Kayalis and Natsina break their text into three sections: curriculum and pedagogical development, the challenges and potentials of using technology tools in the literature classroom and specific uses of technology in example classes. The authors in this volume explore technologies including video games, hyperfiction, and interactive cities as options, especially as teaching literature “poses significant challenges when transferred from face-to-face to distance learning” (1). While the volume’s primary audience is instructors of open online education, the theoretical perspectives and examples would be useful to any online literature teacher.
Kunze, Peter. “To Tweet or Not to Tweet: Using Twitter in the Literature Classroom.”
Teaching American Literature: A Journal of Theory and Practice 6.1 (2013): 53-63. Web.
Central Piedmont Community College. 21 Feb. 2014.
In this article, Kunze, a professor formerly hesitant to engage the newest technologies, discusses how Twitter has a transformative effect in his classroom through projects like adapting readings into Tweets, role-playing as novel character Tweets, creating prequels and sequels, reader response microblogs, and co-lectures. He finds that Twitter “empower[s] students as writers, readers, and thinkers,” engages them and “foster[s] textual, visual, and digital literacies” (53-4). This recent article uses current technology to enhance the literature class, so it would be a useful read, especially for reluctant instructors.
Lancashire, Ian, ed. Teaching Literature and Language Online. NY: MLA, 2009. Print.
Lancashire organizes his text into articles on uniting pedagogy and delivery, teaching language online and teaching literature online. The articles encompass multiple strategies (blogging, hypertext, online research, communities, archives, wikis, etc.) and periods to effectively teach literature in a “disembodied space” (5). This text has an extensive amount of valuable information for the potential online literature teacher; it is the most lengthy and detailed book on this list.
McGillivray, Murray. “Online Teaching of Old English: Wave of the Future or Wave Goodbye?”
Literature Compass 9.12 (2012): 983-990. Web. MLA International Bibliography. 20 Feb.
McGillivray explains the discouraging evolution of Old English online; while medievalists immediately embraced technology and it thrived, there has since been a complete reversal in availability and interest because of everything from institutional emphasis on scholarship over teaching to individual burnout and lack of funding. He emphasizes the criteria for both developing and sustaining innovative projects: funding, a “supportive institutional environment,” a “passionate individual commitment,” continuity of support, realistic evaluation of media, and attention to students’ needs (987). While this article is short, it would be a valuable lesson for anyone who wants to attempt a technology project amidst institutional pressures.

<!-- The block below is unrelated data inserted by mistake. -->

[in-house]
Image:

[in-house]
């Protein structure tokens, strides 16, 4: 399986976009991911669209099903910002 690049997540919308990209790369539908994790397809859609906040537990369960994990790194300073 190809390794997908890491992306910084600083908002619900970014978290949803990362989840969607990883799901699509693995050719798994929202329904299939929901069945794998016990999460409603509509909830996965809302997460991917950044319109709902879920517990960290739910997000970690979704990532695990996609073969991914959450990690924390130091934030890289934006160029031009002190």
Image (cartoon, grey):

Vasileiou, Lykourgos. “Positioning the Implied Reader: Using Hypertext to Enhance Students’
Reading Experience of The Waste Land.” Teaching American Literature: A Journal of
Theory and Practice 4.4 (2011): 87-97. Web. Central Piedmont Community College. 21
Lykourgos uses a hypertext edition of Eliot’s The Waste Land in class; the version is side-by-side with a traditional version and has hyperlinked allusions that fill in knowledge gaps. The author argues that this kind of text helps students understand the implied reader and Modernist writing tendencies while also lessening “historical, social, cultural” distance and unfamiliar or exclusive material (87). This article illustrates the potential of utilizing technology within the course text and not only in the management of the course.
Webb, Allen, ed. Teaching Literature in Virtual Worlds: Immersive Learning in English Studies.
NY: Routledge, 2012. Print.
Webb collects a quality group of articles focused on using virtual worlds to “support and extend the reading of literary works” (vii). The authors describe multiple virtual worlds including intertextual maps, virtual tours, role-playing, alternative reality games, second worlds, textual riffs, and virtual museums. The constructivist and new media literacy principles combined with creative examples from the literature classroom make this a valuable text for teachers who want to utilize innovative technologies; it is, in fact, the only book of its kind.